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Constitutional Law II
University of Maine School of Law
Howard, H. Cabanne

Con Law II
 
1/22/08
Class 1
 
Opening Case
–         Remember that the constitution only limits the government and NOT private parties.
 
 
American Manufacturers Mutual Insurance Co. v. Sullivan
Facts
Pennsylvania’s Workers’ Compensation Act (Act) provides that once an employer’s liability for an employee’s injury has been established, then either the self-insured employer or insurer (collectively insurers) is responsible for paying for the employee’s “reasonable” and “necessary” medical treatment. In 1993, this system was amended to allow insurers to withhold payment for disputed treatments, pending the outcome of an independent utilization review. Ten employees and two organizations representing employees that had received benefits under the Act filed suit against state officials, the self-insured school district of Philadelphia, and a number of private insurance companies. Their complaint alleged that the state and private defendants, acting under color of state law, had deprived them of property in violation of due process.
Question
1) Can the private insurers’ decision to withhold payment for disputed medical treatment be considered state action, so as to bring them within the reach of the Fourteenth Amendment? (2) Do workers have a constitutionally protected property interest in continuing payment of disputed medical treatment before such treatment is determined to be reasonable and necessary?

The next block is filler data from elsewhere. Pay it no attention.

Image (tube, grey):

Conclusion
No to both. A finding of state action requires both that the deprivation be caused by actions taken under state law and that the deprivation be fairly attributable to the state. While the alleged deprivation in this case was clearly taken pursuant to state law, the decision of private insurers to withhold medical payments for disputed treatment is not fairly attributable to the state. Mere creation of a new dispute resolution mechanism by the state does not constitute state encouragement or authorization. Nor has Pennsylvania delegated to private insurers powers that were exclusively those of the state, as Pennsylvania has simply authorized insurers to do what they would do in the absence of regulation: dispute payment of unreasonable and unnecessary treatment. Further, under Pennsylvania law no due process protection attaches to payment of disputed medical expenses before the reasonableness and necessity of those expenses is determined. The Act does not entitle an employee to payment of all medical treat

st Amendment. The law did not pay money to parochial schools, nor did it support them directly in anyway. It was simply a law enacted as a “general program” to assist parents of all religions with getting their children to school.
 
 
Read Hialeah, Sherbert, Yoder, Smith
 
1/28/08
Class 3
 
Levels of Scrutiny-
Strict Scrutiny (tough)- means “narrowly tailored,” object = compelling governmental interest. Law must be narrowly tailored to forward a compelling governmental interest, and the classification is necessary to serve that interest, in the least restrictive manner. (If statute directed at a particular religion). This standard usually applies
Rational Basis Scrutiny (less tough)- means “rationally related,” object = legitimate governmental interest. Law must only be rationally related to a legitimate governmental interest.
Intermediate Scrutiny- free speech, gender discrimination.
 
THE FREE EXERCISE OF RELIGION
 
1) Laws Discriminating Against Religion